Professor Russ Altman, department chair and professor of bioengineering, has always worked to harness the power of computing to understand our biological systems. Humans respond to drugs differently, and Altman’s team uses our genetic information to understand why. By combining a biological understanding of the proteins with the physical behavior of the molecules in a simulated environment, Altman’s team can make critical predictions about individual response to drugs. Then, they can use this information to design new drugs to target diseases.
Altman has always felt strongly about conducting interdisciplinary research, undertaking numerous initiatives from studying protein structure and function (proteomics), to understanding how differences in our genes change our responses to certain drugs (pharmacogenomics). Altman is also a principal investigator of Simbios, an initiative that runs physical simulations of biological systems. Simbios allows scientists to understand the dynamics and underlying biological mechanisms for even large atom systems.
Professor Altman’s team is trying to answer some of the most fundamental questions in current pharmaceutical industries by studying pharmacogenomics. How do we characterize how good a medicine is? How do we determine which drugs to prescribe an individual? As Altman explained, the genes we inherit from our parents play a crucial role in determining how we respond to various drugs and medications.
Personally tailoring each patient’s course of treatment maximizes the efficacy of drugs, leading to higher quality healthcare. Through various computational techniques coupled with biological understanding of genetics and drugs, Altman’s team has facilitated personalized treatment by creating the first pharmacogenomics database, pharmgkb.com. The database provides valuable clinical information allowing physicians to assign a personalized prognosis to an individual’s genome.
In one case, Altman’s team was studying two widely prescribed drugs: paroxetine, an antidepressant, and pravastatin, a lipid-lowering agent. With collaborators, Altman’s team determined that when taken together, paroxetine and pravastatin lead to an increase in blood glucose that is even larger in diabetic patients. By using retrospective computational studies like these to guide clinical understanding, physicians can carefully assign medications that optimize treatment.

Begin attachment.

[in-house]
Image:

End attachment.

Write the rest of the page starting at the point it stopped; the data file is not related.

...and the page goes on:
Prof Altman is still focused on the last translational component of his pharmacogenomics research. Given the rapid progress of computing since the 1980s, he believes that doctors need to be trained in applying the information gained from computational platforms such as pharmgkb.
According to Altman, doctors find incorporating such genetic information in their prognosis to be stressful, given time constraints.The general practitioner has an average of 12 minutes per patient.
He hopes to provide a computational platform that doctors can easily use to access clinical information. Ideally, under this “learning healthcare system” a doctor could quickly make a prognosis with an iPad or mobile device, using every patient’s medical and gene data to determine the appropriate treatment. Every patient’s data could help improve another patient’s treatment.
Altman believes that “failures in research should be looked at as a research experience.” He hopes one day to use this experience and his bioinformatics models to bring a large scale positive impact to health care industries. His work towards the steady curation of pharmacogenomics data can lead to a system where each patient has a tailored, effective treatment.